Wednesday, May 8, 2024

Book Review: Secrets of Greek Mysticism by George Lizos

Book Review: Secrets of Greek Mysticism by George Lizos

Disclosure: Some of the links below are affiliate links, meaning, at no additional cost to you, I will earn a commission if you click through and make a purchase. I received a free copy of this book via Weiser in exchange for an honest review.

I recently finished several books, finally having a moment to catch up on my hobbies. The end of the school year is always really crazy, especially after spring break, but we are finally on the home stretch! Last month I finished Secrets of Greek Mysticism: A Modern Guide to Daily Practice with the Gods and Goddesses by George Lizos. I am not going to lie, when I started this book I was a little combative...okay maybe very combative. I did not agree with Lizos's interpretation of the Greek pantheon and myths and did not like that he claimed scholars, people who dedicated their lives to the study of Greek mythology, were wrong in their interpretations. In fact, I very openly raged to my fiance about my initial thoughts, who dutifully listened to me complain about every occult book I read. Yes, even my highly recommended books have periods where I become upset and he hears it all! My highest criticisms often come from one of two places: cultural appropriation or disrespect of experts, especially scientists. I recognize the second one partly comes from white supremacy culture (worship of the written word, especially those from a 'narrow' viewpoint). As a scientist, I am not willing to back down when occult authors attempt to rewrite well-documented science. That isn't how the world works, but that was not the case with Secrets of Greek Mysticism. Yes, I was and still am upset he claims most if not all, scholars are incorrect, but after sitting with my initial feelings, analyzing them, and getting to know Lizos's arguments, my opinion has changed. So what am I talking about?

Lizos takes a theological instead of a mythological approach to the gods and goddesses. What does this mean? According to Lizos, a mythological approach misrepresents the the deities and attributes too many human emotions to them, painting them as fickle tyrants in need of transactional worship. Lizos believes the myths are an allegorical collection of stories that draw from theology with the intention of communicating the deities' qualities in an entertaining yet educational way. The myths were meant to convey some information to everyone and leave deeper meanings up to students of theology. My only qualm with this is why would the general populace not be given the same information as mystery students? The general public highly valued and respected the gods and goddesses, so why make myths so difficult to understand? Why gatekeep?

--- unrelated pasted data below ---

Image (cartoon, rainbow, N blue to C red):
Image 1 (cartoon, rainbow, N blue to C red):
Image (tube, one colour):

Book Review: Secrets of Greek Mysticism by George Lizos

Despite my protests, Lizos's interpretations of the myths as well as his personal experiences with them create a refreshing narrative and outline of "worship." This is an approach I would like to personally apply to Norse mythology and even Celtic to get a better understanding of what the deities actually mean, not man's humanization of them.

The majority of the book is spent discussing the 12 main gods of Olympus with entire chapters dedicated to each. Each chapter opens with a brief personal introduction followed by the essence of the deity, their virtues, activation mantra, journal prompts, connecting with the deity in nature, hymns, symbolism, and meditation. This consistent approach allows you to build a relationship with each deity at your own pace and really get to know them. I loved Lizos's personal experiences with each deity while traversing across Greece and would have liked more of these stories throughout. The book ends with a section on connecting with the gods through monthly festivals and rituals, that will not only deepen your connection but add to your overall practice as well, giving it rhythm and meaning.

Even if you are not interested in Greek mysticism, Secrets of Greek Mysticism: A Modern Guide to Daily Practice with the Gods and Goddesses by George Lizos is well worth the read as it can help you approach your own deities in a new and profound way. Despite some of my protests, I do strongly believe Lizos's approach to the gods is one worth reading and understanding, and applicable across pantheons. 

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